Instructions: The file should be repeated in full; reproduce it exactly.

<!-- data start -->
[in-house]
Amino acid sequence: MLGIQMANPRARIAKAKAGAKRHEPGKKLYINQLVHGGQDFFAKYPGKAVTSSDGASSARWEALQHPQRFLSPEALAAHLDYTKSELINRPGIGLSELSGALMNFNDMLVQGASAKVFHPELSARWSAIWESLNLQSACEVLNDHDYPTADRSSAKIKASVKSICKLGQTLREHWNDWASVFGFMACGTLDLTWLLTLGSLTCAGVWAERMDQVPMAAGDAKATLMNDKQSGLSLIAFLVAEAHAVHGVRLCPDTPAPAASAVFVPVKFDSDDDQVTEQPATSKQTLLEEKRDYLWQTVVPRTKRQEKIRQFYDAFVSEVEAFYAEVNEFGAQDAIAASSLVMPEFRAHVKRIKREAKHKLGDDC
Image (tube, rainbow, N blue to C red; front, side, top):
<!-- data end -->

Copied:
[in-house]
Amino acid sequence: MLGIQMANPRARIAKAKAGAKRHEPGKKLYINQLVHGGQDFFAKYPGKAVTSSDGASSARWEALQHPQRFLSPEALAAHLDYTKSELINRPGIGLSELSGALMNFNDMLVQGASAKVFHPELSARWSAIWESLNLQSACEVLNDHDYPTADRSSAKIKASVKSICKLGQTLREHWNDWASVFGFMACGTLDLTWLLTLGSLTCAGVWAERMDQVPMAAGDAKATLMNDKQSGLSLIAFLVAEAHAVHGVRLCPDTPAPAASAVFVPVKFDSDDDQVTEQPATSKQTLLEEKRDYLWQTVVPRTKRQEKIRQFYDAFVSEVEAFYAEVNEFGAQDAIAASSLVMPEFRAHVKRIKREAKHKLGDDC
Image (tube, rainbow, N blue to C red; front, side, top):